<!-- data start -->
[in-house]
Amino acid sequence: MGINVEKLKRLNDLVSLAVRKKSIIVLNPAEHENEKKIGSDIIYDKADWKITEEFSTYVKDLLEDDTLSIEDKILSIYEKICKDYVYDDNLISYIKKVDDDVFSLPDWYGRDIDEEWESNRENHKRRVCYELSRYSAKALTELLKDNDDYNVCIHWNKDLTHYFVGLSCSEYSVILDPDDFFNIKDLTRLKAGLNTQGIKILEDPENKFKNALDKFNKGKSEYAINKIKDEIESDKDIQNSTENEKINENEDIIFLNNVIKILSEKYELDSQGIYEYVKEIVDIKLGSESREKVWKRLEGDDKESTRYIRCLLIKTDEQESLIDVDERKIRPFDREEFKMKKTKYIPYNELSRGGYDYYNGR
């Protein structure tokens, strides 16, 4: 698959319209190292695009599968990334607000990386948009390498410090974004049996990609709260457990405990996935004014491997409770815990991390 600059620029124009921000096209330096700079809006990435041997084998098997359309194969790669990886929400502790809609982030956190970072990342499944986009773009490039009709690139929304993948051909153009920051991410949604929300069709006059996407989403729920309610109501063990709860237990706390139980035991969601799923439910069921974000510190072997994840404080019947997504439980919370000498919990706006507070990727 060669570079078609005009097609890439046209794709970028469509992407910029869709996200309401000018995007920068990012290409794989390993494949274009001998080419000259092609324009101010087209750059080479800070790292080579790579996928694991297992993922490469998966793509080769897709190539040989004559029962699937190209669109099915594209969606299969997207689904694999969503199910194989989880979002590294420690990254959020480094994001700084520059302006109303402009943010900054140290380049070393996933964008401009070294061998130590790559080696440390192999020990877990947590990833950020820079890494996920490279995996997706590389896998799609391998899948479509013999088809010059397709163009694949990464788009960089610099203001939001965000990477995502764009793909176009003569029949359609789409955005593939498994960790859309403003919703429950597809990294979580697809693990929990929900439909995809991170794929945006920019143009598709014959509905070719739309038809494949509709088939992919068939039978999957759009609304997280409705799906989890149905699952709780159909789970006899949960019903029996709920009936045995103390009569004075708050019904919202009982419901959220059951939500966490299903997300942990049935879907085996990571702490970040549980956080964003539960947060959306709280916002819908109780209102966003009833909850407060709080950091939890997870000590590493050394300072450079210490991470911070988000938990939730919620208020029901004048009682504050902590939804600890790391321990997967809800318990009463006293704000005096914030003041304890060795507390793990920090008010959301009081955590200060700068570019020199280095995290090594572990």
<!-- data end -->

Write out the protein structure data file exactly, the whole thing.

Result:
[in-house]
Amino acid sequence: MGINVEKLKRLNDLVSLAVRKKSIIVLNPAEHENEKKIGSDIIYDKADWKITEEFSTYVKDLLEDDTLSIEDKILSIYEKICKDYVYDDNLISYIKKVDDDVFSLPDWYGRDIDEEWESNRENHKRRVCYELSRYSAKALTELLKDNDDYNVCIHWNKDLTHYFVGLSCSEYSVILDPDDFFNIKDLTRLKAGLNTQGIKILEDPENKFKNALDKFNKGKSEYAINKIKDEIESDKDIQNSTENEKINENEDIIFLNNVIKILSEKYELDSQGIYEYVKEIVDIKLGSESREKVWKRLEGDDKESTRYIRCLLIKTDEQESLIDVDERKIRPFDREEFKMKKTKYIPYNELSRGGYDYYNGR
């Protein structure tokens, strides 16, 4: 698959319209190292695009599968990334607000990386948009390498410090974004049996990609709260457990405990996935004014491997409770815990991390 600059620029124009921000096209330096700079809006990435041997084998098997359309194969790669990886929400502790809609982030956190970072990342499944986009773009490039009709690139929304993948051909153009920051991410949604929300069709006059996407989403729920309610109501063990709860237990706390139980035991969601799923439910069921974000510190072997994840404080019947997504439980919370000498919990706006507070990727 060669570079078609005009097609890439046209794709970028469509992407910029869709996200309401000018995007920068990012290409794989390993494949274009001998080419000259092609324009101010087209750059080479800070790292080579790579996928694991297992993922490469998966793509080769897709190539040989004559029962699937190209669109099915594209969606299969997207689904694999969503199910194989989880979002590294420690990254959020480094994001700084520059302006109303402009943010900054140290380049070393996933964008401009070294061998130590790559080696440390192999020990877990947590990833950020820079890494996920490279995996997706590389896998799609391998899948479509013999088809010059397709163009694949990464788009960089610099203001939001965000990477995502764009793909176009003569029949359609789409955005593939498994960790859309403003919703429950597809990294979580697809693990929990929900439909995809991170794929945006920019143009598709014959509905070719739309038809494949509709088939992919068939039978999957759009609304997280409705799906989890149905699952709780159909789970006899949960019903029996709920009936045995103390009569004075708050019904919202009982419901959220059951939500966490299903997300942990049935879907085996990571702490970040549980956080964003539960947060959306709280916002819908109780209102966003009833909850407060709080950091939890997870000590590493050394300072450079210490991470911070988000938990939730919620208020029901004048009682504050902590939804600890790391321990997967809800318990009463006293704000005096914030003041304890060795507390793990920090008010959301009081955590200060700068570019020199280095995290090594572990």